The movie is intended to be a black-comedy but unfortunately there isn't much comedy to be had. Perhaps some was lost in translation but there didn't appear to be anything funny occurring. Thanks to a jumbled timeline and a fair amount of cut-aways, there is a complete lack of flow. As anyone who understands comedy will tell you, it's all about timing. In "Curriculum" there is no timing; it jumps at random on its timeline only to cut back to the end results of something that had happened during that time we were away watching a flashback. What was that something? Who knows! Certainly not the viewer since we were busy being pre-occupied with another scene that didn't necessarily have anything to do with what's currently happening.
About the only scenes that could be funny are the exchanges between L'Italiano and Lliro in the beginning but I found the dialogue to be mostly forced. It seemed like there was something there; that Patricio was trying to say something mixed in with the humor of two killers arguing over personal philosophies. What ever it was that he was trying to say was lost within this terrible dialogue. That's where the biggest problem lies with the movie: it was first-film writing. Not completely terrible -- there was some competency behind the movie -- but the dialogue seemed very forced. It wanted to sound deep and important. It's the type of dialogue you would imagine a movie like this would have -- attempting to be clever and philosophical -- without even seeing the movie.
Then, of course, while the DVD I bought was a genuine release of "Curriculum", there ceased to be any subtitles for the last 1/4 of the movie. So there were some details to the story that were lost for me because of that. Not that it would have saved the movie in my eyes nor would it have made an increasingly convoluted movie suddenly make sense.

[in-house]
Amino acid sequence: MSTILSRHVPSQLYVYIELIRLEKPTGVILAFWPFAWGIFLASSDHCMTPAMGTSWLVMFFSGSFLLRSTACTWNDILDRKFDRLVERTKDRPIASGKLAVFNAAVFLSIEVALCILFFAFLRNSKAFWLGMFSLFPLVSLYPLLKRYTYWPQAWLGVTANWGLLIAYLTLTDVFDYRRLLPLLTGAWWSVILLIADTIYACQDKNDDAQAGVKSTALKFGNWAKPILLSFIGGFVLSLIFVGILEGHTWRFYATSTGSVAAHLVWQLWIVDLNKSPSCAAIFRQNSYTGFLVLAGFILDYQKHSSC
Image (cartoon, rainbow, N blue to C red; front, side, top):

Anyway, that's sort of how the movie felt overall: forced. Again, it is very easy to see what Patricio was trying to do with "Curriculum" or what kind of movie he wanted to make. Unfortunately the material, or the writing, rather, wasn't where it needed to be. "Curriculum" could have been a great pitch-black comedy but the story and the characters were underwhelming. The story inadvertently fell apart as it progressed as plot twists took it in an unappealing and illogical direction. Then there was the editing in general and the use of title cards to introduce characters -- intended to break up the movie into chapters -- that aided in throwing the pacing off and occasionally adding to the confusion of the movie overall.
Basically, "Curriculum" features a lot of problems you see in first-time movies. I try really hard not to fault a movie or a director when it comes to that because I expect things to be rough and I expect there to be problems. The only downside is that there was nothing that redeemed "Curriculum". There was no saving grace. Not for me, anyhow. And now that I've watched Patricio Valladares' first feature and his most recent, "Hidden in the Woods", I don't think I'll be pursuing his filmography any further because there's not an interest there for me. With that said though, I do admire Patricio as he seems to one of the few Chilean filmmakers who is willing to make harsh and sleazy horror movies in a country that isn't exactly known for that kind of content. And, undoubtedly, he is serving as an inspiration to the future generation of filmakers in Chile.